Smacked by the hand that feeds.

StateLibQld 1 113036 Cartoon of students recei...

StateLibQld 1 113036 Cartoon of students receiving the cane, 1888 (Photo credit: Wikipedia)

Last week Carri and Larry Williams were sentenced to 65 years in prison for the manslaughter of their adopted daughter, Hana.

Hana Williams was found dead in 2011 in the backyard of the family home 40 miles south of the Canadian border. The autopsy found she died of hypothermia. She was adopted by the Williams’ 3 years ago from Ethiopia, at the time of her death doctors estimate she was 13 years old.

Hana’s death occurred after receiving a corporal punishment style advocated in the controversial book, To Train Up A Child. Written by Christian pastor Michael Pearl. According to reports, Hana was beaten and starved as part of a regime inflicted by the two people who were charged with her wellbeing and care…Her parents. It is said that she was beaten with plastic tubing, as it hurts and leaves no marks, given cold baths, left outside in the cold and rain, starved, locked in a small dark cupboard and made to sleep in the barn. Techniques supposedly advocated in the book which the parents owned and who themselves were staunch Christians. The book has  also been implicated in the deaths of two other adoptees—an American boy in North Carolina and a Liberian girl in California. I haven’t read the book so feel I cannot comment on its contents. But judging by the comments left on the books amazon page, it’s not a pretty story. I’ll let you be the judge

Children are defenceless for at least the first decade of their lives. They need protecting, they need safety. Yet they are the only people who we are allowed to hit. If I walked up to a stranger in the street and punched him in the face or whipped the back of his legs I could be arrested. But I can smack my children, to a certain degree, and suffer no consequences. I’ll say that again as it’s worth saying twice.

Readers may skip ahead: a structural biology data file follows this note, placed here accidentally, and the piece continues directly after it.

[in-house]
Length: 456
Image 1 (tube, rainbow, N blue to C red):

I can hit my child, but I can’t hit another adult!

I outweigh my daughter by about 60kgs and I have a good 4.5ft on her. Yet under the law I am allowed to strike her, so long as it doesn’t leave a mark. As I mentioned earlier, if you hit someone with plastic tubing it hurts like hell but leaves no mark. The same also applies to soft fruit in a sock, remember the scene from Full metal jacket? I’m looking at my eldest daughter right now as she watches Peppa pig, she’s tiny compared to me. I must seem like a giant to her. It’s up to my wife and me to make sure she reaches adulthood with a good sense of what is right and wrong and I fully believe we can achieve this without laying a finger on her.

If you disagree I want you to try something. The next time your partner/friend/sibling does something wrong, smack them. Not too hard. If they do it again, hit them a little harder. See what happens. I would imagine on the first hit you would have got yourself into a fight, or an argument. And why not? Children can’t fight back and yet, I’ll say it AGAIN, we are allowed to strike them.

I don’t see any difference between me punching a stranger in the face and smacking a child. I would also like to add that neither myself nor my wife advocate corporal punishment of any kind.

It fills me with great sadness and anger that these people were allowed to adopt not one but two children both of whom faced regular beatings and abuse. It took 4 months after Hana’s death for her parents to be arrested and that was only after an anonymous tip that Hana’s brother, Immanuel, was undergoing the same ritualistic torment that Hana had suffered. After the arrest of Carri and Larry Williams the remaining 8 children, yes EIGHT, were put into state care. I only hope that the children are somewhere safe with people who will love and care for them.

There is a petition here to ask Amazon to stop selling ‘To train up a child’ if you feel as strongly as I do I urge you to sign it.

Oscar Wilde said ‘Children begin by loving their parents; as they grow older they judge them; sometimes they forgive them’

I only hope my children won’t judge me too severely

T

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